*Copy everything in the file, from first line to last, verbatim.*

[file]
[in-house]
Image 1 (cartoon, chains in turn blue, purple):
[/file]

[in-house]
Image 1 (cartoon, chains in turn blue, purple):